There were more than 1,400 tennis events held in September to grow the game with tennis sized right for age and ability.
© Andy McFarland/AMaginations Photography
The September tennis events supported Nickelodeon's Worldwide Day of Play and National Childhood Obesity Awareness Month.
© Mike Stobe
By E.J. Crawford, USTA.com
September was a month for tennis, and not just because of the 2013 US Open. In conjunction with Nickelodeon’s Worldwide Day of Play and in support of Childhood Obesity Awareness Month, more than 1,400 tennis clubs, facilities and programs throughout the country held free events to get more kids playing – and loving – tennis.
The events ranged in size, scope and location, but they all served a common goal: to get kids active, healthy and having fun through the sport for a lifetime.
For instance, in Concord, N.C., Chad Oxedine had more than 50 kids ages 4 to 18 attend his Play Day, promoted as “bring a friend to court” and featuring both the green and yellow ball (depending on the age and ability of the player). Even better, he paired the event with a Special Olympics Tennis qualifier for the state tournament, which gave the kids a chance to support the Special Olympians and serve the local community.
“Over 20 of our older players, our middle school and high school athletes, and their parents volunteered for this event,” said Oxedine, the tennis director at Amp Tennis in Concord. “So we had ages from 4 to 50-plus playing tennis at our eight-court public facility on a gorgeous Saturday, from 9 o’clock in the morning to 5 o’clock at night. It was a pretty great tennis day!”
In Appleton, Wis., Jill Rushkofske, a physical education (PE) teacher at nearby Huntley Elementary who said she doesn’t have much experience with tennis, utilized tennis skill cards to design an event that brought in 25 kids ages 3 to 11, plus six parent volunteers. And to make sure that those who loved the experience had a chance to stick with it, she used the event to launch a kids’ tennis camp that ran every Tuesday for the four weeks that followed.
“It allowed me to build off the Play Day and add more advanced skills in each week,” Rushkofske said of pairing the event with the tennis camp. “I feel that starting kids at a younger age with basic tennis skills leads them to be more successful as they get older. It also exposes them to a sport they may not get a chance to try.”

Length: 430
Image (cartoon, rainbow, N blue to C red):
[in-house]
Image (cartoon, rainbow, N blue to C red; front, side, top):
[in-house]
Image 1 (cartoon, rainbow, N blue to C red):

Kathryn Lewis’ event in Stone County, Miss., a rural community with only 17,000 residents, drew 20 children for a two-hour clinic. One of the volunteers, Michelle Rogers, was the new PE teacher at the local Perkinston Elementary School, and she now plans to work with Lewis to incorporate more tennis programming into her classes.
“Our USTA play event yesterday was a huge success, with 20 new tennis citizens, six volunteers, one volunteer pro and lots of enthusiastic parents staying the entire two hours” Lewis said. “We have an amazing opportunity in this community for tennis. One of our incredible community members, who has played tennis for almost 50 years, built six beautiful courts and gave them to the county and its citizens. So Stone County is ready to rock and roll. It takes a village to build a healthy community for our children, and we’ll start by offering them a lifetime sport!”
It’s a great place to start – and the free tennis events in September offered the perfect platform to make it happen.
For more on how to get your child started in tennis, and to find the right equipment and a program and facility near you, visit YouthTennis.com.